Top of page

Pic of the Week: Halloween Edition

Share this post:

Gerry Mulligan with Jack-o-lantern. Photographer unknown, possibly Hank O'Neal. Copyright Franca R. Mulligan. Used by permission.

The following was written in part by Senior Cataloging Specialist Sharon McKinley.

Oh boy, it’s Hallowe’en! My Lady Gaga costume wowed ‘em when I came in to work this morning, and my candy corn lights are glowing brightly. The frost is on the pumpkin and the sweet tooth is ready to go. What more do I need? Hmm, frost, pumpkin…how about a Jack O’Lantern? Did you know the Jack O’Lantern was originally a turnip? This  grotesque, illuminated vegetable was used to light the way of an unfortunate Jack who tricked the Devil while alive and was condemned to spend his afterlife forever wandering between Heaven and Hell. Or so the legend goes.  “Jack O’Turnip” was deemed unworthy of legendary status so a different persona  was adapted and Jack O’Lantern became  immortal in the world of Hallowe’en.

You can find plenty of titles in the Music Division’s coffers that tell of the lighted squash with which we celebrate All Hallows Eve.  It’s Showtime! Sheet Music from Stage and Screen, in the Performing Arts Encyclopedia,  is an especially fertile source for your haunted hootenanny:

  • The flirting princess (1909) includes the song “Jack O’Lantern,” with music by Joseph E. Howard and words by Will M. Hough and Frank R. Adams.
  • The Pearl and the pumpkin (1905), by John W. Bratton and Paul West, sings of  “Jack O’Lantern Joe.”
  • Lewis Carroll fans will be intrigued by Victor Herbert and Glen MacDonough’s 1905  show Wonderland, which includes the number, “Hallowe’en : topical quartette.”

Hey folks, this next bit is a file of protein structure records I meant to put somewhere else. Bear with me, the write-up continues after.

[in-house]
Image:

• Harold Arlen and Ralph Blane wrote “Halloween” for My blue heaven , a 1950 musical film starring Betty Grable and Dan Dailey.

In the Library of Congress Online Catalog, you can find bibliographic information for a variety of music, mostly for kids:

The deep tones of the baritone saxophone make it a natural for your haunted house soundtrack. Get into the Halloween spirit with legendary  baritone player Gerry Mulligan. Visit the Gerry Mulligan Collection in the Performing Arts Encyclopedia for more photographs of Mulligan, as well as selected scores and recordings. You can also get into the spirit with vampire-themed sheet music, as covered in previous missives from In the MuseMusic to Drink Your Blood ByWhen the Music Division Rolled her Vampy Eyes at Me, and More Songs to Drink Your Blood By. Read about a possible haunting of the Library of Congress site in last year’s Happy Halloween post. Most of all, stay safe and scary this Hallow’s Eve. But before we put on our costumes, here’s a Hallowe’en bonus from the National Jukebox: a recording of “Games of Halloween” from Lady of the slipper, recorded in 1907.  “Hallowe’en” is the 1st song in the medley.

Add a Comment

This blog is governed by the general rules of respectful civil discourse. You are fully responsible for everything that you post. The content of all comments is released into the public domain unless clearly stated otherwise. The Library of Congress does not control the content posted. Nevertheless, the Library of Congress may monitor any user-generated content as it chooses and reserves the right to remove content for any reason whatever, without consent. Gratuitous links to sites are viewed as spam and may result in removed comments. We further reserve the right, in our sole discretion, to remove a user's privilege to post content on the Library site. Read our Comment and Posting Policy.

Required fields are indicated with an * asterisk.